The Acura Integra is making a return.
Honda’s luxury and performance brand is making a play for millennial car buyers by bringing back the vehicle in 2023, according to Automotive News. It is expected to be one of Acura’s last new gas-powered cars.
“Acura hopes bringing back the Integra will capture and keep millennial buyers who still care about driving performance, before the brand transforms into an all-electric automaker,” Carly Schaffner reports for Automotive News.
The new Integra replaces the Acura ILX, built on Honda Civic infrastructure.
“As a peripheral member of the Honda Civic family, the Integra is a pricey way to combine the Civic's best elements—the Si's 200-hp engine, the hatchback body style, and the six-speed manual—in a slightly more upscale package,” Joey Capparella writes for Car and Driver.
The 2023 model will be the last gas-powered Integra, according to Automotive News.
Honda, Acura and other major brands are facing a tough road ahead as supply chain issues continue to hamper production and an economic downturn looms. Acura sales declined by more than 64% in May, combined with the same month last year, Automotive News reports. Honda sales were down more than 56%.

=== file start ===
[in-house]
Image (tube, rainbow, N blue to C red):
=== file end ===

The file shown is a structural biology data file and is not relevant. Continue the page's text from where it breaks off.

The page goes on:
Safety Risks for Honda, Acura Owners
The new Integra hits the road as Honda and Acura continue to have trouble ensuring that their vehicles are safe to drive.
Honda announced last year, for example, that it was recalling 760,000 Honda and Acura vehicles over a fuel pump defect that could cause the cars to unexpectedly die. The move came just months after Honda recalled 725,000 pickups and sport utility vehicles because of a sealing defect that could cause recalled vehicles’ hoods to fly open without warning.
The company is not alone. Major auto manufacturers recall millions of vehicles around the globe every year, citing a wide range of defects and malfunctions that pose risks for everyone on the road. They often announce the recalls long after defective cars have been sold to unsuspecting buyers.
Know Your California Lemon Law Rights
The good news is that California car owners and lessors have some valuable rights and protections under the state’s lemon law.
Formally known as the Song-Beverly Consumer Warranty Act, the lemon law requires carmakers to do various repairs on vehicles while they are under warranty. It also requires manufacturers to buy back (or replace, in certain situations) vehicles that they are unable or decline to fix.
That includes compensating the owner for any down payment on the car, as well as for monthly loan payments and the outstanding balance on any loan. The manufacturer is also responsible for towing, rental cars and other related expenses.
Speak with a California Lemon Law Attorney
If you have been stuck with a defective or malfunctioning vehicle, a California lemon law attorney at Bickel Sannipoli APC can help you fight back.